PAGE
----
Greer peaches and a Taylors ramble


I do confess: I love peaches! So yesterday, I took advantage of the season to buy a peck of locally grown peaches at Taylor's Orchard peach shed, a long-time fixture in Greer operated by Fisher's Orchard since 1997. While I was out and about I decided to take advantage of some free time to take photos of some of the small changes I've noticed in Taylors in the past few months. Update: The peach shed is now listed in the National Register of Historic Places.

A few weeks ago, I noticed CSX railroad workers removed some of the cross-ties and have yet to replace them. I thought I'd be neat to take a photo before work on the bridge has been completed.


I parked at nearby Covenant Community Church on East Main Street and walked the short distance to the viaduct. No services or other activities were being held that day, otherwise I would have parked farther away to stay out of their way.


At one time, this building was home to Stephenson Memorial United Methodist Church until declining membership led the members to sell the building in 1983 to Community Baptist Church. The members would go on to found Covenant United Methodist Church in 1986. In 1998, Community Baptist Church moved (to a nearby place on Suber Road?) and sold the building to Greenville Presbyterian Theological Seminary. When the seminary moved to its current location a few hundred feet away in 2007, Covenant Community Orthodox Presbyterian Church bought the building in 2008, keeping the building in the family shall we say.

I also stopped by the current location of Greenville Presbyterian Theological Seminary, formerly occupied by Taylors School from 1880 to 1981, then vacant until the seminary bought and renovated the building. The current building dates from 1936.


The building has been nicely renovated, judging only by the outside, while keeping the character of the building intact. One of these days, I must check out the inside. Our Upstate Ancestry has an interesting section on the building's school years with a historical timeline and old photos, although the information about the renovation is now dated.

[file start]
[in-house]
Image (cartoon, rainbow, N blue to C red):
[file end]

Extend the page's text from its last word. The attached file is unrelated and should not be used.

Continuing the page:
The building's been around in its renovated form about 5 years now, but a few months ago an attractive sign was added.


After taking the second picture, I had to a closer look at the masonry between the two stairs.


Whatever sign that used to be there is now long gone. The stone edging continues down to the intersection with Mill Street, the former entrance to the Southern Bleachery mill.

Across the street is the latest business to occupy that building, the Taylors Flea Market ... or something. I'm not quite sure what the name of this business is supposed to be now. Click on the picture and you figure it out.


Within the past few years, the building was used as a grocery and produce store, a restaurant (and a successful one too), a flea market, and as of the past week or so sells used furniture and appliances.

I dropped by the old Southern Bleachery site for a quick visit. A variety of companies occupy the site now, and I kept my distance to stay out of the way of the traffic going up and down the narrow street.


I couldn't think of anything else I wanted to photograph, and it was getting hot anyway, so I took my sure-to-be delicious bounty of peaches home.

A made a map of the locations I visited:

View Greer peaches and a Taylors ramble in a larger map

Comments

  1. At one point the road behind the bleachery was open, and led down to an abandoned bridge across the Enoree River. Last time I was there, as I'm sure you saw, the road has been closed to the public.

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  2. Yep, that bridge washed out a few years ago.

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  3. I came across your blog as I did a google search on the town of Taylors. It's become a recent interest of mine as my husband just opened up an art studio in the mill now known as Taylors Mill Properties. Ken Walker owns most of the property there and is remaking the building into an avenue for events and local artists in hopes to rebuild the community of Main Street Taylors. My husband just came home from a town meeting talking about how there are talks of parks and a walking trail by the mill and under the rail bridge. I'm really interest in the Chick Springs Hotel and would like to see if that would be added in the renovation and be turned into some sort of historic park in downtown Taylors. I'm not sure if you are still blogging about historic and lost places in the Upstate, but thought this would be of interest. I know that this spring there is a farmers market in the works as well. I'm very excited to see what is to come for downtown Taylors! :)

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  5. Sorry, didn't mean for two comments. My phone glitched on the first comment. My bad...

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